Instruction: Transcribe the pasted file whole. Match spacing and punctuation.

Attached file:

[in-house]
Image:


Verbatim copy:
[in-house]
Image: